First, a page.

But there are two twists: The heroine is the star of a predominantly male ritual, and a flamenco soundtrack and dancing are woven throughout the tale. With these elements, as well as the resurgence of Snow White interpretations in recent years, both on the big screen and on TV, Moses says he’s curious to see the mix of people who come out to see the film.

The Swiss production of the documentary More Than Honey will also appeal to local audiences. The film, which is still on the festival circuit and won’t get its full nationwide release until June, examines the dire situation of honeybees and the collapse of bee colonies worldwide.

More Than Honey starts with the story of a third-generation beekeeper in Switzerland and includes a stop in China, where bees have disappeared and farmers now pollinate their crops almost exclusively by hand. A good portion of the film then takes place amid San Joaquin Valley almond groves northeast of Sacramento, before ending on the Mexican border with an unlikely story of a new beekeeper who believes that working with Africanized killer bees holds the key to reviving the world’s bee population.

Moses says the movie’s storyline has many familiar overtones for folks in the Central Valley. “Other films have taken up this topic, of course,” Moses says, “but this one has a much more international perspective.”

On the lighter side, the festival will open with the French romantic comedy Paris-Manhattan, the first feature from director Sophie Lellouche. The movie tells the story of a French pharmacist from a Jewish family who has a lifelong obsession with Woody Allen films.

Paris-Manhattan has enjoyed wide acclaim on the festival circuit, in particular at the Washington Jewish Film Festival earlier this year. The film gets its California debut at the Santa Cruz Jewish Film Festival in early April, just weeks before it opens in Fresno.

“It’s a fun film,” Moses says, “a comedy in the way that the French do best.” Time Out London calls the film “a fun, fluffy, and chic romantic comedy that looks so effortless.”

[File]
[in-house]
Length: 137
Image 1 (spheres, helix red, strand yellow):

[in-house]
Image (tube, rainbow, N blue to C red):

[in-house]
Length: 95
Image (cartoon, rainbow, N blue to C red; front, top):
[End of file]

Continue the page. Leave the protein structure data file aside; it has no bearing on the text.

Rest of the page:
Perhaps the most well-known film at the festival will be On the Road, the new cinematic adaptation of the classic Beat Generation novel by Jack Kerouac.

The movie features young stars Sam Riley as Kerouac, Garrett Hedlund as Neal Cassady and Kristin Stewart of Twilight fame as Marylou Henderson, among others. Brazilian filmmaker Walter Salles, best known for his Ernesto “Che” Guevara biopic The Motorcycle Diaries in 2004, directs.

Critics have been divided on the film, but Moses says the many standout performances—in particular, Viggo Mortensen as William S. Burroughs—make the movie a must-see. He also loves the international interpretation that Salles and screenwriter José Rivera bring to the quintessentially American road movie.

“I’m most struck by such a careful reading and construction of America in the 1940s. It really captures that time in this story with a great deal of authenticity,” Moses says. “Maybe the outsider’s eye is important for adapting that kind of iconic novel. He’s able to see it with a kind of freshness that an American director might not.”

In addition to the full features, the Fresno Film Festival will also include two full programs of original short films, submitted from all over the world. For details and the full lineup, visit FresnoFilmworks.org after April 1.


Jefferson Beavers teaches journalism and film studies at Fresno City College. He also serves on the Fresno Filmworks Board of Directors.